Evaluate using a train and a test set:

# Evaluate using a train and a test set
test_size = 0.30
seed = 7
X_train, X_test, y_train, y_test = cross_validation.train_test_split(X, y, test_size=test_size, random_state=seed)
model = LogisticRegression()
model.fit(X_train, y_train)
result = model.score(X_test, y_test)
print("Accuracy: %.3f%%") % (result*100.0)

Our prediction: 14.286%

Evaluate using Cross Validation Our prediction:

# Evaluate using Cross Validation
num_folds = 10
num_instances = len(X)
seed = 1
kfold = cross_validation.KFold(n=num_instances, n_folds=num_folds, random_state=seed)
model = LogisticRegression()
results = cross_validation.cross_val_score(model, X, y, cv=kfold)
print("Accuracy: %.3f%% (%.3f%%)") % (results.mean()*100.0, results.std()*100.0)

21.111% (15.275%)

Evaluate using Leave One Out Cross Validation:

# Evaluate using Leave One Out Cross Validation
num_folds = 10
num_instances = len(X)
loocv = cross_validation.LeaveOneOut(n=num_instances)
model = LogisticRegression()
results = cross_validation.cross_val_score(model, X, y, cv=loocv)
print("Accuracy: %.3f%% (%.3f%%)") % (results.mean()*100.0, results.std()*100.0)

Our prediction: 23.077% (42.133%)

Evaluate using Shuffle Split Cross Validation:

# Evaluate using Shuffle Split Cross Validation
num_samples = 10
test_size = 0.3
num_instances = len(X)
seed = 7
kfold = cross_validation.ShuffleSplit(n=num_instances, n_iter=num_samples, test_size=test_size, random_state=seed)
model = LogisticRegression()
results = cross_validation.cross_val_score(model, X, y, cv=kfold)
print("Accuracy: %.3f%% (%.3f%%)") % (results.mean()*100.0, results.std()*100.0)

Our prediction: 20.714% (5.487%)

  • K-fold cross validation is the most commonly used method to test for unknown data with k set to 3, 5, or 10.
  • Using a train/test split is good for speed when using a slow algorithm and produces performance estimates with lower bias when using large datasets.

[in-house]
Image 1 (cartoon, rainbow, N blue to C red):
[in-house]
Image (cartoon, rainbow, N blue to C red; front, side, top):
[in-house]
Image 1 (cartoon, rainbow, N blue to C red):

• Leave-one-out cross validation and repeated random splits can be useful intermediates when trying to balance variance in the estimated performance, model training speed and dataset size.

Let’s now implement Naïve Bayes to the same dataset

As we stated before in this paper, Naïve Bayes classifies instances based on the assumption that class features are independent of each other.

A Gaussian distribution is assumed to estimate the probabilities for input variables using the Gaussian Probability Density Function.

For our example, we will use the GaussianNB class that returns the mean estimated accuracy.

Gaussian Naïve Bayes Classification

# Gaussian Naive Bayes Classification
num_folds = 10
num_instances = len(X)
seed = 7
kfold = cross_validation.KFold(n=num_instances, n_folds=num_folds, random_state=seed)
model = GaussianNB()
results = cross_validation.cross_val_score(model, X, y, cv=kfold)
print("Accuracy: %.3f%% (%.3f%%)") % (results.mean()*100.0, results.std()*100.0)

Our prediction: 19.778% (8.282%)

Now that we have both results using Naïve Bayes and Logistic Regression, lets compare them to see their outputs.

First we need to prepare the configuration for cross validation test harness and prepare both models.

# prepare configuration for cross validation test harness
num_folds = 10
num_instances = len(X)
seed = 7
# prepare models
models = []
models.append(('LR', LogisticRegression()))
models.append(('NB', GaussianNB()))

Then we need to evaluate each model

# evaluate each model in turn
results = []
names = []
scoring = 'accuracy'
for name, model in models:
kfold = cross_validation.KFold(n=num_instances, n_folds=num_folds, random_state=seed)
cv_results = cross_validation.cross_val_score(model, X, y, cv=kfold, scoring=scoring)
results.append(cv_results)
names.append(name)
msg = "%s: %f (%f)" % (name, cv_results.mean(), cv_results.std())
print(msg)

Which will allow us to get a prediction score and be able to plot the results.

# boxplot algorithm comparison
fig = plt.figure()
fig.suptitle('Algorithm Comparison')
ax = fig.add_subplot(111)
plt.boxplot(results)
ax.set_xticklabels(names)
plt.show()

LR: 0.211111 (0.152753)
NB: 0.197778 (0.082821)

Conclusion:

In this paper we focused on using existing libraries which allow us to save time, are robust and are used widely in the industry, however, there are cases where one might not want to use the default models provided by a package and implement your own code from scratch.

The dataset we used on this example is very limited and small due to restrictions imposed by the owner of the site, but the same procedure can be implemented in big or huge databases with similar results.

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Data Science Bayesian Statistics Logistic Regression Naive Bayes